520 Class 2
TOPOGRAPHY AND MYTHOGRAPHY
- Use terms urbs, civitas, and res publica to describe which aspect(s) of London the readings represent.
- Consider whether texts are communocentric or chorographic.
- Gain a sense of the topography of the Thames Valley, the path of the river, and the contours of the two hills within the city.
- Begin noticing (in Stow particularly) the tension between what was and what is.
- Become aware of a few crucial myths about London: London as New Troy; London as a New Jerusalem (e.g., Eirenopolis). Note how the myths combine.
- Notice how topography and mythography coincide.
- Begin reflecting on the extent to which water determines both the shape of the city and the practice of everyday life for Londoners.
Holinshed. Read section beginning
Brute discouereth the commodities of this Ilandfrom Book 2 (.doc file).
Stow. Section entitled
Of Auncient and present Riuers, Brookes, Boorns, Wels, and Conduits of freshwater.Read the transcription of this section on British History Online.
- Drayton, selections from Poly-Olbion (.pdf). 1613. The Works of Michael Drayton. Ed. J. William Hebel, Kathleen Tillotson, and Bernard H. Newdigate. Rev. ed. 5 vols. Oxford: Shakespeare Head Press, 1961. Vol. 4. Read the frontispiece, pp. 321-22, the map preceding Song xvii, and pp. 329-40.
Resources: Interactive online exhibition of the topography of the Thames Valley, curated by the Museum of London.
Other References: Archer, Jenner, Scherb. I will draw upon these sources in my prolegomena and commentary. I list them here so that you have full bibliographic information should you wish to use the source in your assignments.
Sources Mentioned in Class: Helgerson.
John Stow’s Survey of London: The Nostalgia of John Stow.The Theatrical City: Culture, Theatre, and Politics in London, 1576–1649. Ed. David L. Smith, Richard Strier, and David Bevington. Cambridge: Cambridge UP, 1995. 17–34.
- Drayton, Michael. Poly-Olbion. or A chorographicall description of tracts, riuers, mountaines, forests, and other parts of this renowned isle of Great Britaine with intermixture of the most remarquable stories, antiquities, wonders, rarityes, pleasures, and commodities of the same: digested in a poem by Michael Drayton, Esq. With a table added, for direction to those occurrences of story and antiquitie, whereunto the course of the volume easily leades not. London, 1613. EEBO. Reprint. Subscription. STC 7727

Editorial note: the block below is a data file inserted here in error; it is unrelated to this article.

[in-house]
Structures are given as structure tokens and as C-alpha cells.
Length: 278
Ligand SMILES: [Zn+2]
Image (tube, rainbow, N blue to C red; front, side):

The Land Speaks: Cartography, Chorography, and Subversion in Renaissance England.Representations. 16. (1986): 50–85. JSTOR. Reprint. Subscription.
- Holinshed, Raphael, William Harrison, and others. The first and second volumes of Chronicles comprising 1 The description and historie of England, 2 The description and historie of Ireland, 3 The description and historie of Scotland: first collected and published by Raphaell Holinshed, William Harrison, and others: now newlie augmented and continued (with manifold matters of singular note and worthie memorie) to the yeare 1586. by Iohn Hooker aliàs Vowell Gent and others. With conuenient tables at the end of these volumes. London, 1587. EEBO. Reprint. Subscription. STC 13569.
Jenner, Mark S.R.
From Conduit Community to Commercial Network? Water in London, 1500–1725.Londinopolis: Essays in the Cultural and Social History of Early Modern London. Ed. Paul Griffiths and Mark S.R. Jenner. Manchester: Manchester UP, 2000. 250–72.
Scherb, Victor I.
Assimilating Giants: The Appropriation of Gog and Magog in Medieval and Early Modern England.Journal of Medieval and Early Modern Studies 32.1 (2002): 59–84.
- Stow, John. A Survey of London. Reprinted from the Text of 1603. Ed. Charles Lethbridge Kingsford. 2 vols. Oxford: Clarendon, 1908. [Also available as a reprint from Elibron Classics (2001). Articles written before 2011 cite from the print edition by volume and page number.]
Ward, Joseph P.
The Taming of the Thames: Reading the River in the Seventeenth Century.Huntington Library Quarterly 71.1 (2008): 55–77.
Last modification: 2016-06-04 15:13:12 -0700 (Sat, 04 Jun 2016) (jtakeda)